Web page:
Growing human tissues and organs in the lab is no longer science fiction. Researchers have come a long way since stem cells — ‘master cells’ with the ability to become any of the body’s tissue types — were first isolated in in 1998. It’s now possible to generate an endless supply of lab-grown human tissue, which could test potential medicines, treat a range of disorders, and cure afflictions like Parkinson’s and spinal cord injury by rebuilding the nervous system. More exciting still is the possibility of growing new tissue for transplantation into patients.
The main hurdles before organ transplantation are the non-availability of organs and incompatibility of donated organs with the recipient’s body. Usually, the body’s immune response system tries to reject transplanted cells. Early efforts at tissue engineering involved growing tissues on polymer scaffolding. A porous structure, shaped like the organ, is “seeded” with cells that grow and spread along it. Once the finished tissue is in place, the scaffolding degrades. This is unwieldy though, and only embryonic stem cells made from the patient’s own genetic material yield perfectly matched tissue. If genetic material is taken from a cell in an adult’s body and fused with an empty egg, the resulting embryo could be farmed stem cells. A leukemia patient, for instance, can have perfectly matched bone marrow from his own skin cells, skipping a desperate search for the right donor.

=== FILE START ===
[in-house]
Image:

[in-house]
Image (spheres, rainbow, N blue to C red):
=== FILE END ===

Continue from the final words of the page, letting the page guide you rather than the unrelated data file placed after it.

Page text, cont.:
But critics are outraged at scientists creating embryos and discarding them after harvesting some cells. Many see even blastocysts — five-day-old embryos of about 140 cells— as human beings. Last week, however, scientists at the Whitehead Institute, Cambridge, Massachusetts, crossed this ethical minefield by culturing embryonic stem cells without eggs. They genetically manipulated skin cells taken from mice back into a pluripotent state —identical to embryonic stem cells. These cells could not only generate every kind of tissue, but also engender live mice by producing egg and sperm cells, and be transmitted down generations. Such use of ‘adult stem cells’ negates the need for embryonic stem cells, and could be just what the doctor ordered for a world constantly running short of donor organs.